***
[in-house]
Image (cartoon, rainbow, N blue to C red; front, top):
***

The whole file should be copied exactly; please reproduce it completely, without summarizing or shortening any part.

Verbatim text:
[in-house]
Image (cartoon, rainbow, N blue to C red; front, top):